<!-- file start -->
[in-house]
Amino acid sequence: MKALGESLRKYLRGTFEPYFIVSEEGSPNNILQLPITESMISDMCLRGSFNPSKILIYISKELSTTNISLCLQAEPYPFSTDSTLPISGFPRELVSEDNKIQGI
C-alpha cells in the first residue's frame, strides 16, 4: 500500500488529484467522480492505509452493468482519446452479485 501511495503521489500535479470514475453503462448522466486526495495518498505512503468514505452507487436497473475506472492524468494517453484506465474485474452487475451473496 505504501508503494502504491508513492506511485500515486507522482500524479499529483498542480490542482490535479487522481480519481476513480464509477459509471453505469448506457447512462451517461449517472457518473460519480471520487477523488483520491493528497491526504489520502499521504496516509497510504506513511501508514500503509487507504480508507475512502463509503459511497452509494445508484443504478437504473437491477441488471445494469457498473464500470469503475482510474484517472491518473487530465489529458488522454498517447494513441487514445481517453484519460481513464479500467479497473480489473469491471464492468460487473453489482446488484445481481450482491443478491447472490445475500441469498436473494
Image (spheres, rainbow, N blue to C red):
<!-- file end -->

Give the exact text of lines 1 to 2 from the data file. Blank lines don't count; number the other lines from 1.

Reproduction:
[in-house]
Amino acid sequence: MKALGESLRKYLRGTFEPYFIVSEEGSPNNILQLPITESMISDMCLRGSFNPSKILIYISKELSTTNISLCLQAEPYPFSTDSTLPISGFPRELVSEDNKIQGI